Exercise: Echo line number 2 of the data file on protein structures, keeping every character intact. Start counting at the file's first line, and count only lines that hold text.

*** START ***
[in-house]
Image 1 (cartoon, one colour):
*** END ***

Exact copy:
Image 1 (cartoon, one colour):